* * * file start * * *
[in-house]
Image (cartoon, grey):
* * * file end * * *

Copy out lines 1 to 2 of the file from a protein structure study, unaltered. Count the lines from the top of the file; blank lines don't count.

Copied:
[in-house]
Image (cartoon, grey):